The U.S. government’s war against the IWW
A Symposium on The Wobblies in their Heyday
Eric Chester, The Wobblies in their Heyday: The Rise and Destruction of the Industrial Workers of the World during the World War I Era. Santa Barbara, CA: Praeger, 2014. 316 pages, $58, hardcover.
Eric Chester’s new book on the IWW focuses on the period leading up to the U.S. government’s decision to crush the organization, and to the massive repression unleashed against the union during World War I. Based upon an impressive array of archival sources, many previously unavailable, Chester argues that the IWW appealed to many workers precisely because of its radicalism but that IWW leaders made a series of strategic errors that undermined their ability to build the broader radical coalition necessary to prevail.
ASR has published three articles by Eric Chester: two on IWW history (one on the Wheatland Hops case appears in longer form in this book; the other examined IWW membership levels from World War I through the mid-1920s) and an analysis of a Danish general strike for shorter hours. His previous books include True Mission: Socialists and the Labor Party Question in the U.S.; Rag-Tags, Scum, Riff-Raff and Commies: The U.S. Intervention in the Dominican Republic; and Covert Network: Progressives, the International Rescue Committee and the CIA.
Chester offers detailed accounts of the Bisbee and Butte mining strikes, offering a sympathetic portrayal of IWW organizer Frank Little in the process, though he is critical of Little’s proposal to resume picketing when strike support waned (strikers originally decided against picketing in order to avoid confrontations with gun thugs), and seems to suggest that Little should have heeded warnings to go into hiding at a critical moment in the strike. (Little was lynched two days later.)He discusses California Wobblies’ resort to empty threats in a counter-productive effort to free Ford and Suhr (imprisoned for their role in a strike of hops pickers) – substituting rhetorical bluster for the power they had been unable to build in the fields. (The argument that national IWW leaders supported this, or that government officials were provoked to crush the IWW by this campaign is less persuasive.)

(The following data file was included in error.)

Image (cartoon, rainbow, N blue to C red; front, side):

Chester also offers a detailed analysis of the IWW’s legal strategy, which he argues exhibited a naive faith that justice could be had in the U.S. courts. He demonstrates that the Chicago espionage trial was a show trial whose outcome was pre-arranged by prosecutors and the judge and presents evidence suggesting promises of leniency if the Wobblies played along. (Instead, the judge handed down savage sentences that shocked many observers.)
The book focuses on IWW activity and government repression in the Western United States; the IWW looks like a very different organization when examining its work in the maritime, textiles and timber industries, or its substantial membership among the immigrants who made up so large a share of the U.S. working class. (The claim that the IWW failed to sink deep or lasting roots in working-class communities, for example, ignores textile, longshore and seafarers branches that lasted for decades, as well as a network of Finnish branches that sustained a daily newspaper, several large halls, a traveling theater troupe, etc.) And while Chester is surely correct that the union suffered a far more devastating blow than is acknowledged in its official history, it remains true that the IWW was far from crushed. The IWW launched several major organizing drives in the 1920s and 1930s, reopened its halls and newspapers, and maintained a significant industrial presence in manufacturing and maritime.
We offer four takes on this important addition to the historiography on the IWW. We asked each reviewer for critical reflections on the book and “what this history can tell us about the challenges and prospects facing those trying to rebuild a labor movement that envisions itself as part of a broader emancipatory project.”
Staughton Lynd has written countless books on history, labor law and political theory; is a longtime advocate of solidarity unionism; and a life-long participant in and student of radical social struggles. His books include Doing History From the Bottom Up, The New Rank and File, and Wobblies & Zapatistas.
Peter Cole is professor of history at Western Illinois University, wrote Wobblies on the Waterfront: Interracial Unionism in Progressive Era Philadelphia (University of Illinois) and edited Ben Fletcher: The Life and Times of a Black Wobbly, including Fellow Worker Fletcher’s Writings & Speeches (Charles H. Kerr). He is currently working on a book titled Dockworker Power: Struggles in Durban and the San Francisco Bay Area.
Gerald Ronning is chair of the liberal arts department at the Minneapolis College of Art and Design. His dissertation explored the IWW in the West and offers the most authoritative available account of IWW martyr Frank Little.
Steve Kellerman is a longtime Wobbly, retired machinist and compiler of An Annotated Bibliography of Books on the IWW (2007), a comprehensive list of books published in the IWW’s first 100 years with brief but useful assessments of each.